Employers expect their employees to report for work in good condition, ready to perform up to par with no issues. Unfortunately, it is not uncommon for some employees to come to work under the influence of alcohol or drugs, which inevitably has a direct impact on their performance.

For this reason, employers are typically on the lookout for signs of alcohol and drug use in the workplace and likely have some sort of guidelines surrounding such use in their policies.

Not all addicts are the ones who live on the streets without a job. In fact, about 70 percent of drug users are employed, which means there are plenty of people in the workforce who are likely going into work every day high or drunk.

What if you are an addict? If so, you have probably had many days where you found it difficult to do your job adequately at work, show up on time, or even show up at all. Out of fear of losing your much-needed job, you may be fearful of seeking help from an Ohio addiction treatment center. Unfortunately, the more time that you spend in your addiction without getting help, the harder it can be for you to beat it.

Should You Talk to Your Boss About Your Addiction?

If you do decide to get help, you might be hesitant to talk to your boss about it. Is it even possible to go to rehab and keep your job?

Sure, these concerns are valid but as important as your job may be, your health is ultimately more important. At the end of the day, people who seek help for substance use issues have a better chance of keeping their jobs than those who do not.

Besides, your boss is probably already well aware of your addiction if you have gone to work under the influence. If you do enter rehab, there is still a chance that your boss will find out. You might think that you have managed to fly under the radar with your addiction at work, but odds are everyone at work already knows.

You Will Still Have a Job After Rehab

One of the biggest concerns about talking to employers about addiction and entering an Ohio addiction treatment facility is the potential to lose a job.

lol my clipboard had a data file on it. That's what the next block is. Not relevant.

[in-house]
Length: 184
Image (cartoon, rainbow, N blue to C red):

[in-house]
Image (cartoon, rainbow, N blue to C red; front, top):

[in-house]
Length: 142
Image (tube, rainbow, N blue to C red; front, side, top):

You should rest easy knowing that if you have been at your current job for at least 12 months, you are legally allowed to take a leave of absence for as long as 3 months – albeit unpaid – for a medical issue like addiction every calendar year thanks to the Family and Medical Leave Act (FMLA). In fact, this Act also ensures that you will still have a job to return to when you have completed rehab.

Focus on Getting Better

While you might be worried about the potential for your job to be affected or your reputation at work to be tarnished by entering rehab, your focus should lie with your healing. When you are in a treatment center, your new job, for now, is to get better and develop the skills needed to remain sober for the long haul.

Rehab facilities work with addicts long after they have completed treatment to help them enroll in support groups, enter sober living facilities, and establish careers. You will not be alone after rehab, and that includes getting back into the workforce.

If you are an addict and are concerned about being “jobless” after rehab, do not be. There is support out there for you. If you are still not entirely comfortable with the idea of telling your employer about your decision to enter rehab, keep it to yourself. You have no obligation to tell your employer if you do not want to do so.

Instead, discreetly discuss taking a leave of absence with your HR department, and take the time needed to get yourself better and return to work in a much better position to perform at your peak.

If you are struggling with addiction and want to discuss your specific situation with a caring addiction professional, contact us today.

Medical Disclaimer

The Recovery Village aims to improve the quality of life for people struggling with a substance use or mental health disorder with fact-based content about the nature of behavioral health conditions, treatment options and their related outcomes. We publish material that is researched, cited, edited and reviewed by licensed medical professionals. The information we provide is not intended to be a substitute for professional medical advice, diagnosis or treatment. It should not be used in place of the advice of your physician or other qualified healthcare provider.